Then it grew. Though the Emoluments Clause is quite specific, the media decided every time anyone stayed at a Trump property it was corruption. Even when Trump visited one of his own homes it was corruption because the Secret Service paid Trump for the privilege. Of course the Secret Service has always paid for the facilities used in their work because the government cannot commandeer private property or accept free rooms (which, ironically, could be seen as a bribe), not from Marriott and not from the Trump Organization. Even Joe Biden still has to charge the Secret Service rent on a cottage he owns, so they can protect him when he’s home in Delaware.

    More? T-Mobile booked nine rooms at a Trump hotel, in media hive minds ostensibly to influence federal approval of a $26 billion merger. Those rooms were worth about $2700. Of course the president, who can influence the Dow with a tweet, prefers to make his illegal money off jacked up hotel bills. Think small has always been a Trump trademark.

    Reuters headlined how foreigners were buying condos from third party owners (i.e., not Trump or his company), but they were in a Trump-managed building and maybe the monthly maintenance fees would qualify as mini-emoluments? Trump was accused of “hiding” foreign government income at his hotels when servers at the bar failed to ask cash customers if they were potentates or princes (the headline: “Trump Organization Says It’s ‘Not Practical’ to Comply With the Emoluments Clause.”)

    And of course that Air Force crew staying at a Trump place in Scotland. No matter that the hotel forged its relationship with a nearby airport long before Trump became president, or that the Air Force had used the airport and hotel hundreds of times before Trump became president (going back to WWII), and or that a decision by the Pentagon to have flights stop more frequently there was made under the Obama administration, nope, none of that stopped the media from proclaiming corruption. One piece speculated the $166 a night the Air Force pays for rooms was always part of Trump’s cornerstone financial plan for the floundering multi-million golf course.
     
    But to see how much the corruption narrative really is a media creation, you have only to compare it to how the MSM covered what might have been a similar question in the past. Imagine if journalists had treated every appearance by Obama as a book promotion. What if each speech was slandered across the channels as corruption, Obama just out there pimping his books? Should he have been impeached for commercializing the office of president?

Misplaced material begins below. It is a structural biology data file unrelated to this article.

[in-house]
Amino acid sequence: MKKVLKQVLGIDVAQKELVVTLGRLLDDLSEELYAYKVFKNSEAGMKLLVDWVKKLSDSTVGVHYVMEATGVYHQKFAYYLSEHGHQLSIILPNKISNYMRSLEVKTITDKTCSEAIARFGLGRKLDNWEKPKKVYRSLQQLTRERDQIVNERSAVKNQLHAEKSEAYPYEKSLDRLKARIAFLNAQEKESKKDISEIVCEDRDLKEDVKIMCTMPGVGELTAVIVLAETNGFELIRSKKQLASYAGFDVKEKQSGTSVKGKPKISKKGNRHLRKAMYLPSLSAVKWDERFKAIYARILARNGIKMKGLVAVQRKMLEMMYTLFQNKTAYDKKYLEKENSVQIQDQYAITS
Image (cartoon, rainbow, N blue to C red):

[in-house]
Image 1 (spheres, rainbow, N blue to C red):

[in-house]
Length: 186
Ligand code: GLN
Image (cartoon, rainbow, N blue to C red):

Follow the money, as Maddow likes to say. The Trump Organization pays to the Treasury all profits from foreign governments. In the 2018, $191,000. The year before the amount was $151,470. So Trump’s in-pocket profit is zero.

    Meanwhile Obama’s profit as an author during his time in office was $15.6 million (he’s made multiples more since, including a $65 million book advance.) In the two weeks before he was inaugurated, Obama reworked his book deals to take advantage of his new status. He agreed not to publish another non-fiction book during his time in office to keep anticipation high, while signing a $500,000 advance for a young adult version of Dreams From My Father.

    Obama’s books were huge sellers in China, where publishing is largely government controlled, meaning Obama likely received Chicom money in the Oval Office. Obama’s own State Department bought $79,000 worth of his books to distribute as gifts.

    As with Trump, nothing Obama did was illegal. There are no laws per se against a president making money. Yet no one bothered to raise ethical questions about Obama. No one claimed he sought the presidency as a bully ATM machine. No one claimed his frequent messaging about his father was designed to move books. No one held TV hearings on his profits or into how taxpayer funds were used to buy his books. It’s not “everybody does it” or “whataboutism,” it is why does the media treat two very similar situations so very differently?
     
    Max Boot confessed why. The media has created a pitch-and-toss game with Democrats, running false, exaggerated or shallowly-reported stories to generate calls for hearings, which in turn breath life into the corruption stories they live off. Max Boot and his ilk are doing a new job. Journalism to them is for resistance, condemnation, arousal, and regime change. And that’s one way democracy does die.
      

    Related Articles:




    Copyright © 2020. All rights reserved. The views expressed here are solely those of the author(s) in their private capacity.

    Posted in 2020, Democracy, Trump

    Thinking Ukraine: Is the dam about to break?

    September 24, 2019 // 40 Comments »


     
    Is the dam about to break? Nope.
     
    Look at what is actually fact: a whistleblower based on a transcript or summary says Trump made some unspecified “promise” in return for an investigation into Biden corruption. No details, no corroboration. Meanwhile, no one has claimed any investigation actually took place. The aid money was paid out weeks ago. Nothing actually happened in real terms. There was no Trump hotel built in Moscow.